Treaty on the Prohibition of Nuclear Weapons is Adopted, Part 3

Door is left open for nuclear nations, but they rebuff the treaty

by Kyosuke Mizukawa and Yumi Kanazaki, Staff Writers

A treaty that outlaws nuclear weapons was adopted on July 7 with the support of many non-nuclear nations after negotiations at United Nations headquarters in New York. The Chugoku Shimbun examines the significance of this agreement and subsequent steps for realizing a world free of nuclear arms.

“It’s our responsibility to meet the wishes of the atomic bomb survivors of Hiroshima and Nagasaki. To have voted ‘no’ would have been a slap in the face to the survivors and victims,” South African Ambassador Nozipho Joyce Mxakato-Diseko, who oversees disarmament issues, said on July 7 at a press conference at United Nations headquarters in New York after the treaty to ban nuclear weapons was adopted.

Ms. Mxakato-Diseko is confident that, after much debate, an environment has been created for the nuclear nations to join the treaty, too. South Africa once possessed nuclear weapons but then gave up its nuclear weapons program in 1991. Ms. Mxakato-Diseko proposed a way for the nuclear nations to join the treaty at the second round of talks which began on June 15. The nuclear-armed states are able to join the treaty provided they agree to destroy their nuclear weapons in line with a legally-binding and time-bound plan.

Many of the member nations expressed support for her proposal, hoping that the nuclear weapon states will join the treaty at the earliest opportunity. The Chemical Weapons Convention, which took effect in 1997 to regulate another type of weapon of mass destruction, sets a deadline of 10 years, in principle, for the destruction of a nation’s chemical weapons. The deadline involving the nuclear ban treaty, on the other hand, could be decided in negotiations between a nuclear nation and the state parties to the treaty. The supporters of the treaty have compromised with the nuclear weapon states in that those nations can take a more gradual approach to nuclear disarmament, a path that they have insisted upon.

“The time has come,” said Ms. Mxakato-Diseko, urging the nuclear nations to join the treaty and relinquish their nuclear arsenals. Sitting beside her was Thomas Hajnoczi, the ambassador from Austria, who nodded as she spoke. The vice president of the conference, Mr. Hajnoczi encouraged the participants to mention “hibakusha” in the preamble to the treaty. He also expressed concern about the risks of a nuclear explosion due to accident or misuse.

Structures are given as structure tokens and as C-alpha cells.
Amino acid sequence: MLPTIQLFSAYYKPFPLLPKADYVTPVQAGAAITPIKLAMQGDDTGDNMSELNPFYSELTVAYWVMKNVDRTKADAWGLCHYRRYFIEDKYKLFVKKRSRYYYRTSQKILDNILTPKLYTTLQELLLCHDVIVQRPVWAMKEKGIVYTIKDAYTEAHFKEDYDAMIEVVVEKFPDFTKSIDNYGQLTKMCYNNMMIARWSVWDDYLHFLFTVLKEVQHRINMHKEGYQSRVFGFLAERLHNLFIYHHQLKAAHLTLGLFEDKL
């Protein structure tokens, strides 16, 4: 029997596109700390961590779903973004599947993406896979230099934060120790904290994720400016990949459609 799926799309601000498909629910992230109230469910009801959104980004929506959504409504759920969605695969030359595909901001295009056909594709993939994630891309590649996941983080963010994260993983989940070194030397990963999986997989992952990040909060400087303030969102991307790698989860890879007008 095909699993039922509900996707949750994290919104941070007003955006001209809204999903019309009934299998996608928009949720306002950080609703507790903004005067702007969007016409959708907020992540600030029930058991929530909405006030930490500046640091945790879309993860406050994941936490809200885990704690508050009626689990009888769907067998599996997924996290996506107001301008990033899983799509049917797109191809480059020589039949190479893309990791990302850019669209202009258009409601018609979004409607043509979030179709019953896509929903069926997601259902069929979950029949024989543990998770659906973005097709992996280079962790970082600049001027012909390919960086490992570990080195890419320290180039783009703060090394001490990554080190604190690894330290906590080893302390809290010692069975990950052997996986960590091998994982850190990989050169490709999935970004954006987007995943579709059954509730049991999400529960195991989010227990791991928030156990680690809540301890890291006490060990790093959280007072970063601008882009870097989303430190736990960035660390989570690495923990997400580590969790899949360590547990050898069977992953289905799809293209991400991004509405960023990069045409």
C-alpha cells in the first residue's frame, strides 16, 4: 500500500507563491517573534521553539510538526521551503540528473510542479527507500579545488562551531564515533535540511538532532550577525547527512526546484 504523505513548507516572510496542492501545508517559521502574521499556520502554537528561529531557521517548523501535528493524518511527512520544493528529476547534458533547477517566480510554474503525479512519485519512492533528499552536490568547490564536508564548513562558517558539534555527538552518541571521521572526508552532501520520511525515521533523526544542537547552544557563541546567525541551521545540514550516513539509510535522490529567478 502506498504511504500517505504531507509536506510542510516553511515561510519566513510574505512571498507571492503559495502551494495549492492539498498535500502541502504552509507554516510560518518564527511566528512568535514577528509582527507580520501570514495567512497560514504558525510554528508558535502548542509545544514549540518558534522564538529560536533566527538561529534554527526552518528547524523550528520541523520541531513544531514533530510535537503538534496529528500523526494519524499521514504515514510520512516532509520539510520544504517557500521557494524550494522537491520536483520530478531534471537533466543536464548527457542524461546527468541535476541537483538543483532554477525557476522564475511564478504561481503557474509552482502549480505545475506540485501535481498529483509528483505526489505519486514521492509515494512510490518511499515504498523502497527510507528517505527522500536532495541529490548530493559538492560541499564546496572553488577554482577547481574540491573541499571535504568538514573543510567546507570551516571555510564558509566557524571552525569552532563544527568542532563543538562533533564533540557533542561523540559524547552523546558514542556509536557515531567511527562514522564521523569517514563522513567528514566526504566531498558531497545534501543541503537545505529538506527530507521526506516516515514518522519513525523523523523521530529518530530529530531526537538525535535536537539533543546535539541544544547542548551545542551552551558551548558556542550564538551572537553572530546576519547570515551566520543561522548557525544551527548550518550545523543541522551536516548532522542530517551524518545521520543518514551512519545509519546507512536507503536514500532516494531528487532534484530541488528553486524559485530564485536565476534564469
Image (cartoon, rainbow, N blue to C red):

Mr. Hajnoczi called for these risks to be included in the treaty at the second round of talks and they became part of the preamble, too. He also voiced his support for the proposal made by South Africa that will permit the nuclear nations to join the treaty with the stipulation that they agree to immediately remove their nuclear weapons from operational status.

The United States and Russia are each able to launch about 1,000 nuclear missiles at a moment’s notice. The treaty has the capacity to reduce the risks of accidental nuclear war or detonation and this point is being emphasized in the hope of appealing to public opinion in the countries that rely on the nuclear deterrent. Mr. Hajnoczi stressed that humankind would be safer in a world without nuclear weapons, an aim that could be achieved through the nuclear ban treaty.

The United States was absent from the negotiations on July 7, the day the treaty was adopted. Afterward, the United States, along with the United Kingdom and France, issued a joint statement that said they have no intention of joining the treaty and that “the ban treaty is incompatible with the policy of nuclear deterrence, which has been essential to keeping the peace in Europe and North Asia for over 70 years.”

The Netherlands, the only nation from the North Atlantic Treaty Organization (NATO), whose members rely on the U.S. nuclear umbrella for their security, to take part in the talks, hardened their position through the negotiations. While they were appreciative of the flexibility of the treaty’s terms so that nuclear nations would also be able to join the agreement, they made no concessions on their insistence that the treaty be compatible with NATO policy. In the end, they opposed the adoption of the treaty and prevented the vote from being unanimous.

The nuclear powers have created a myth about nuclear weapons in that threats to use these weapons will restrain other countries from armed aggression and thus make the world a safer place. However, the legitimacy of this myth will be called into question when the 122 member states ratify the treaty and it comes into effect. One expert said that the treaty itself may not have an immediate effect on nuclear arms reduction, but it could help break down the myth and lead, long term, to the elimination of nuclear weapons.

Former U.S. Defense Secretary William Perry voiced his support for the treaty, saying in a statement: “Though the treaty will not have the power to eliminate existing nuclear weapons, it provides a vision of a safer world.” He was one of the four elder statesmen that advised former U.S. President Barack Obama on nuclear matters and, by pointing out the risks of accidental nuclear war, influenced Mr. Obama’s call for “a world without nuclear weapons.”

Joseph Cirincione, the president of the Ploughshares Fund, a public grantmaking foundation in the United States, is an expert in nuclear reduction and non-proliferation. Pointing out the high risks of a nuclear explosion through an accident or improper use, Mr. Cirincione said that the belief that nuclear weapons can sustain security is misguided and that the adoption of the nuclear ban treaty is a historic step toward stigmatizing this weapon of mass destruction.

(Originally published on July 11, 2017)